09 December 2020

LEGO® ART review: 31202 Disney’s Mickey Mouse

Posted by Admin
We have another 2021 LEGO® Art set for you today: 31202 Disney’s Mickey Mouse, reviewed by Omid (@nwbricks). It has 2658 pieces and will be released 1 January 2021 priced 119.99€/ £114.99/ US$119.99/ CA$149.99/ AU$199.99/ 1099 DKK. Buying this set? Consider using our affiliate links: USA LEGO Shop at Home|UK LEGO Shop at Home. New Elementary may get a commission. The products in this article were provided for free by LEGO; the author's opinions are not biased by this.

If you’ve been following our articles recently you may have guessed this review was coming! TobyMac dived into LEGO® ART 31201 Harry Potter Hogwarts Crests which teed me up for a go at the slightly smaller but similarly impressive 31202 Disney’s Mickey Mouse. 

I must admit, when the first round of Art sets were revealed I wasn’t exactly blown away. That was due in equal parts to the subject matter and the inescapably sly marketing which requires you to spend upwards of £400 for a complete set of all four possible images. 

This set is slightly more palatable, with only two options provided, but will still set you back 239.98€/ £229.98/ US$239.98/ CA$299.98/ AU$399.98/ 2198 DKK if you want to display Mickey and Minnie together. It would make a lovely two-dimensional complement to the poseable character models released earlier this year.

New Parts

As with the other Art sets, we are treated to nine of the new 16x16 bricks, two of the new wall hanger elements and one absolute unit of a brick separator. 

I personally struggled to see the value in such a chunky tool, but it soon proved its worth when I had to remove a full module of 256 tiles. I’d love to see a one-wide separator at some point to complete the line-up and finally retire my trusty flathead screwdriver, although a minifigure crowbar has been included. 

Tobias already took a look at Brick Special 16 x 16 x 1 ⅓ with Pinholes (6302092 | 65803) and Technic Panel 3 x 5 with Wall Mount Hole (6302094 | 67139), so I won’t go into more detail here, but I will say that the hanger pieces are just crying out to be repurposed as robot faces.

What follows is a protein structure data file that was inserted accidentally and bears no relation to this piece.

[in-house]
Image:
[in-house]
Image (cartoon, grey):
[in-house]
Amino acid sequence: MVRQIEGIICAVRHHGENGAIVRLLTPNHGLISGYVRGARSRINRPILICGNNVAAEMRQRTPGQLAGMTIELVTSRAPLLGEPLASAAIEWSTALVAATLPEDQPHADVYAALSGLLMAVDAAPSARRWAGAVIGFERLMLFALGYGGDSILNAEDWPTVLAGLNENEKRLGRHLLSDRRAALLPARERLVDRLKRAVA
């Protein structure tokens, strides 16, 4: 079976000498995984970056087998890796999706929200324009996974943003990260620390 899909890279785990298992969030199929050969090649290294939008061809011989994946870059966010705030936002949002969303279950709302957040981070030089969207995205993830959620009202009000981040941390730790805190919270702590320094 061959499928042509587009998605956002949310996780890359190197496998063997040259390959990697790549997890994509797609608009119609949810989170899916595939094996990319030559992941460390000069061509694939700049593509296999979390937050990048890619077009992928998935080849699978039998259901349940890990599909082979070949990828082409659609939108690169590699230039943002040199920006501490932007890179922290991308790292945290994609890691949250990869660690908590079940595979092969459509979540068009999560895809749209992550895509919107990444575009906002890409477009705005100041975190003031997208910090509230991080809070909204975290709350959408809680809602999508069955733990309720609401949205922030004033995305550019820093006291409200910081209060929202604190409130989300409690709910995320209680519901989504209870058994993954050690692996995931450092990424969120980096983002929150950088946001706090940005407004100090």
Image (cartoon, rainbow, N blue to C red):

Unlike the earlier wave of Art sets, there are no new recolours in this wave. The palette here is relatively minimal, with the bulk of 1x1 round tiles in White (x835), Black (x662) and Earth Blue/ Dark Blue (x409). Brick Yellow/ Tan, Dark Red and both shades of grey help fill in the illusion of pixel anti-aliasing.

There is one new print in the form of a 2x4 ‘Disney’ tile, a signature element shared between all sets in the Art series and undoubtedly a nice added touch. 

Building LEGO ART set 31202

We already took a dip into maths in the Hogwarts Crests review but it’s worth revisiting here. Nine 16x16 bricks gives us a total of 2304 tiles to be placed, which sounds a bit daunting written down like that. In reality it is anything but, as I was soon to discover.  

I will freely admit I’ve never been massively into Disney, but like most kids I had a few bits of Mickey paraphernalia growing up and whatever your views on the company and indeed Walt himself, it surely takes a cold heart to not feel at least a twinge of nostalgia. 

The set is very nicely packaged with the new 18+ branding throughout. The switch to black boxes and manuals has divided opinion, and I’m no different. I like the clean look of the boxes, although there is no denying the older, more colourful branding just felt a bit more “LEGO”. The manuals however are another story and I cannot fathom why printing on black was ever signed off. ‘Dark mode’ has been a buzzword in online design for the last few years and I’m a sucker for it, but there’s a stark difference between a phone screen and a piece of paper: one emits lights and one absorbs it.